Commonwealth Games Blogs

Happy with the bronze, but what if...

That's it. It's over.

I'm writing now from the airport in Delhi, on my way home already. This is the first moment in six hours that I've had a chance to reflect since my race and actually look at my medal.

So how do I feel? Somewhat satisfied. The medal is bronze, and some people say finishing third is better than being second ("the first loser"). But, to be honest, I really think I could have (and should have) gotten that silver medal. I missed it by 0.24 seconds.

I'm starting to run the "what if?" scenarios through my head, but I'm forcing myself to stop. There were a million ways that 1500-metre race could have gone. Those scenarios could have been for the better, or they could have been for the worse.

I'm happy to have won a medal, that's for sure! Of course, I would have liked to place first or second, and of course I would be an angry guy if I didn't make podium. This is the state I'm in now, and my emotions towards the race will continue to go a little bit up, and a little bit down. Generally, I am very happy with my accomplishment.

Still, it's hard not to wonder "what if?" Especially in a race like the 1500, which is very tactical. What if I kept going strong from the start, as I had planned? Would I have tired out my opponents and won, or tired myself out and not medalled at all? What if I didn't start strong on purpose, and just saved everything for that final sprint? What if I attacked again earlier on in the race? Too many options, and too many variables out of my control.

While I'm happy with my first-ever major games medal, it's the competitive athlete in me that will not be satisfied until I win a gold at a major games. It's coming, though. I'm still young, coming up strong, and constantly improving. At the same time, I'm not going to wait for it. I have to work for it.

Looking forward

This is a very high motivational period for me, right after competition. Regardless of the outcome, I'm on a high from the competition and I can't wait to compete again. At this point, I'm looking back at the race and analyzing it a bit, playing out different scenarios, then completely letting go.

cassidy-get-101010-200.jpgI can also look at what I had to overcome to achieve a spot on the podium. Rather than use the sickness I battled one week ago as an excuse, I chose to look at it as something to overcome in order to accomplish this feat. I have to remember I was in bed for four days just a week before the Commonwealth race. Sometimes "excuses" serve as rational reasons to justify a performance and re-build confidence, other times there is no rationalization because it is so close at the finish.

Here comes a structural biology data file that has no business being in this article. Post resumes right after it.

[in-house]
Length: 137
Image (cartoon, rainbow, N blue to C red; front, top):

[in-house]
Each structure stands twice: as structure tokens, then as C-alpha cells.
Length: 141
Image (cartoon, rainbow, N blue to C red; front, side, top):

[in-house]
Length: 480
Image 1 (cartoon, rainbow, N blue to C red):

Those are the times where you have to think, "you win some and you lose some."

As I mentioned before, if that race was rerun again, tonight, it would have gone completely differently. For sure. That's just the way the sport is. Nevertheless, Kurt Fearnley of Australia deserved the gold. He's powerful and extremely light, making for a very high top-end speed, even on a slow track surface like the one in Delhi. But I also believe that there are scenarios where I could have taken the gold. Some may have been more risky, and it is hard to say if they would have been successful.

Now it's time to look ahead. This is why I love this sport. I love the stadiums, the crowds, the best-in-the-world competition, the chance to represent my country, the medals, the speed, the sense of accomplishment. This experience at the Commonwealth Games does nothing but drive me harder in training for the next event, and then the next big event, and ultimately the London Olympics in 2012.

Well done, Delhi

It's too bad there was so much negative focus on the Games. It took away a lot from the competition, everything the athletes and the people of India worked hard for. They really did not receive any credit for overcoming the setback created by the monsoon season. Two weeks ago, they were still pumping out water from the parking garage in my accommodation, which was actually better than the one I had in Beijing. There were a few things that were done very well, and of course things that could have been improved on. But that's the way things always are.

Hopefully the media can see that the majority of the athletes are disappointed that the focus of many of the stories surrounding the Commonwealth Games was on Delhi's problems rather than on the competition.  

I enjoyed the Delhi Games more as my time there went on. After a while, it starts to feel a little like home, and you settle in, meet new people, and talk training and sports. Games like these are just such a great experience. I would have loved to stay and enjoy India more, but I have to get home to start training for the New York Marathon. And, to be honest, once competition is over I more often than not feel strange. I'm still in "game mode," so it's actually good when I have another race on the horizon. I'm eager to train. And eager to win more.

Thank you, Canada, for tuning in and for all of your support. This really is a team sport, and it is such an honour to represent a wonderful country with wonderful people. See you soon, and hopefully with more medals - of a different colour!

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